What are After-Hours Medical Answering Services?

Also referred to as ‘after hours,’ medical answering services accept or handle patient calls outside of normal office hours, such as overnight or during the weekend. However, modern solutions can also be used during work hours when, for example, staff are busy and cannot come to the phone. With these solutions, establishing an accurate menu prompt that is easy to understand improves the patient experience for inbound patient and hospital calls, especially when your team isn’t immediately available.

Using HIPAA-compliant voicemail services versus general voicemail services is a best practice for healthcare organizations. In general, there are two kinds of medical answering services in the marketplace: live agents and voicemail greetings.

Live Agents

With this setup, an inbound call comes through to the medical office, and it’s routed to a call center with live agents. Typically, these agents are not medically trained to handle complex patient requests. On occasion, it’s possible that an agent without extensive medical training may not fully understand the patient’s needs, and a non-urgent call could get routed as an urgent call. They might even end up giving out the clinician’s personal contact information, even if they’re not on duty.

Another issue might be agents using an unprofessional tone. This creates a negative impression for the patient, perhaps leading them to rush to the Emergency Department or make other drastic choices. In some instances, the patient may even decide not to come back to your organization for future care needs.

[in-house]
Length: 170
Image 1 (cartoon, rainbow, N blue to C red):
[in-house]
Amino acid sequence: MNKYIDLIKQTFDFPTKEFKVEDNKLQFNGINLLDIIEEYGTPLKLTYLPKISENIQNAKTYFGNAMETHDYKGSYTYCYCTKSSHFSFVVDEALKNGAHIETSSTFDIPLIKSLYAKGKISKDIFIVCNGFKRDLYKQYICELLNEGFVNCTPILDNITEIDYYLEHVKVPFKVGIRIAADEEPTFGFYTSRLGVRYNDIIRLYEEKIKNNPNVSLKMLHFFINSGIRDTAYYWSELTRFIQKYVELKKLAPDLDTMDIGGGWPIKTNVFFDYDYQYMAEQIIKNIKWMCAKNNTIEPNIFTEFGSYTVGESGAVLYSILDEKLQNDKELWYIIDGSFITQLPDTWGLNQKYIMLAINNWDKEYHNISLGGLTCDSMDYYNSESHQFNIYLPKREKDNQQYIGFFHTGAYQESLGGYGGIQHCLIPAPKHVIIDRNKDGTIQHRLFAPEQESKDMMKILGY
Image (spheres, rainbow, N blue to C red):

Medically trained live agents are better equipped to handle inbound calls, but many of these answering services have variable costs that fluctuate based on number of calls and minutes logged. In this case, it’s also not guaranteed that agents will always be professional and empathetic. With medical staffing shortages nationwide, finding reputable live agents can be expensive with variable answering service levels and costs.

On a positive note, there are hybrid live agent options, where non-medically trained agents take simple notes, transcribe the data, and send the message via text to the medical office or doctor on call. With this setup, the trained medical professionals  can decide next steps and whether to call back immediately or during regular office hours.

Voicemail Menu Routing

With medical answering services like PerfectServe, guided prompts and other built-in workflows are used in concert with physician schedules to route calls accurately. Prompts can be given to clearly explain next steps to the caller. For example: “If this an emergency, hang up and dial 911.” Other common call prompts might include: “Press one if this is an urgent, non-life threatening manner. Press two for prescription refills. Press three to leave a message for Dr. Cervantes’ office.”

When you build an effective communication process for your medical practice, it saves time for both the physician and the patient. An optimized patient answering service educates patients on next steps and provides peace of mind that their message reached the right destination. If routed correctly, critical alerts and updates can be sent to the patient’s primary care physician or medical office specialist.

After-Hours Voicemail Templates for Medical Offices